We cannot verify your location
Browse Book and Journal Content on Project MUSE
OR
title

At the Dawn of Modernity

Biology, Culture, and Material Life in Europe after the Year 1000

David Levine

Publication Year: 2001

Looking at a neglected period in the social history of modernization, David Levine investigates the centuries that followed the year 1000, when a new kind of society emerged in Europe. New commercial routines, new forms of agriculture, new methods of information technology, and increased population densities all played a role in the prolonged transition away from antiquity and toward modernity.

At the Dawn of Modernity highlights both "top-down" and "bottom-up" changes that characterized the social experience of early modernization. In the former category are the Gregorian Reformation, the imposition of feudalism, and the development of centralizing state formations. Of equal importance to Levine's portrait of the emerging social order are the bottom-up demographic relations that structured everyday life, because the making of the modern world, in his view, also began in the decisions made by countless men and women regarding their families and circumstances. Levine ends his story with the cataclysm unleashed by the Black Death in 1348, which brought three centuries of growth to a grim end.

Published by: University of California Press

Title Page, Copyright

pdf iconDownload PDF (61.1 KB)
pp. 2-5

Contents

pdf iconDownload PDF (63.8 KB)
pp. v-7

read more

Preface

pdf iconDownload PDF (51.8 KB)
pp. vii-9

At the Dawn of Modernity got its inspiration from my aging mother’s absolute confusion in trying to grasp the implications of twentieth-century social changes for the way that she lived during her last years. The writing of this social history got its energy from my desire to make my understanding of those “implications of social change” intelligible for Matthew...

read more

Considering the Subject

pdf iconDownload PDF (109.2 KB)
pp. 1-16

The roots of the modern world can be located in the new kind of society that emerged after the year 1000—distinct from its ancient predecessors and its modern successors. This transition may have been provoked by changes in the network of social relations that were due to population growth and technical change, but once the transition was under way, both...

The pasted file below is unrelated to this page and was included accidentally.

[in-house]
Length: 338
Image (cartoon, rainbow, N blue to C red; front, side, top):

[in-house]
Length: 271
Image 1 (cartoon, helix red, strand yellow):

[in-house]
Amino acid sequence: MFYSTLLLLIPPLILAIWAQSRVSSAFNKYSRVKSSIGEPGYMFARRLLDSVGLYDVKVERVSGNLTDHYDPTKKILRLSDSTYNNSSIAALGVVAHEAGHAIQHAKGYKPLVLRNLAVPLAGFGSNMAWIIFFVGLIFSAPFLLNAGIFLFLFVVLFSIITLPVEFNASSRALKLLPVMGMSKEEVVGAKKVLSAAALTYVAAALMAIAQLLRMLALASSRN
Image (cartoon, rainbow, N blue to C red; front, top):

read more

1. LINEAGES OF EARLY MODERNIZATION

pdf iconDownload PDF (358.2 KB)
pp. 17-106

After the passing of the Justinian pandemic and Charles Martel’s victory at the Battle of Poitiers, which halted the Moslems’ advance in 732, a new society began to take shape in the northwestern region of Europe. This was a confused and contradictory process; it may have begun in the eighth century, but it was only around...

read more

2. SHARDS OF MODERNITY

pdf iconDownload PDF (333.2 KB)
pp. 107-188

If the success of the Gregorian Reformation represented one aspect of the early modernization of Europe, then the feudal social revolution was the other side of this coin. In the period around the year 1000 the various grades of dependent cultivators found themselves being assimilated into a single class, although originally they and their landholdings...

read more

3. LIVING IN THE MATERIAL WORLD

pdf iconDownload PDF (236.2 KB)
pp. 189-243

A new kind of society emerged in the centuries after the year 1000. Many novel processes—religious and spiritual, legal and social and economic, technological and demographic—recombined to create a social mutation. The historical emergence of the northwestern European marriage system was a helical construction in which Christian culture and barbarian demography...

read more

4. REPRODUCING FEUDALISM

pdf iconDownload PDF (317.8 KB)
pp. 244-324

A new kind of society emerged in the centuries after the year 1000. Many novel processes—religious and spiritual, legal and social and economic, technological and demographic—recombined to create a social mutation. The historical emergence of the northwestern European marriage system was a helical construction in which Christian culture and barbarian demography wrapped themselves around one another. Manorialized feudal society...

read more

5. NEGATIVE FEEDBACKS

pdf iconDownload PDF (311.6 KB)
pp. 325-400

The pre-plague period is often cited for the “Malthusian” dynamic of “relative overpopulation [which] was so great as to push the death-rates to a punishing height.” In the terse words of another authority, “What a ‘magnificent’ field of action for the Black Death of 1348, that holocaust of the undernourished.”1 While both M. M. Postan and Emmanuel Le Roy Ladurie suggest that...

read more

6. RECOMBINANT MUTATIONS

pdf iconDownload PDF (88.0 KB)
pp. 401-410

The population density of Europe—especially the northwestern region— in 1300 was very substantially higher than it had been ten generations earlier, when the long cycle of growth began to take its first halting steps. Indeed, after the year 1000 the traditional social order of early modern Europe took shape as a complex, articulated network of towns, villages, and parishes. However much we want...

read more

Afterwords

pdf iconDownload PDF (114.9 KB)
pp. 411-428

If you want a generalization I would have to say that the historian has got to be listening all the time. He should not set up a book or a research project with a totally clear sense of exactly what he is going to be able to do. The material has got to speak through him.1It is a journey that requires unlimited curiosity, and endless search...

Index

pdf iconDownload PDF (301.2 KB)
pp. 429-440


E-ISBN-13: 9780520923676
Print-ISBN-13: 9780520220584

Page Count: 438
Publication Year: 2001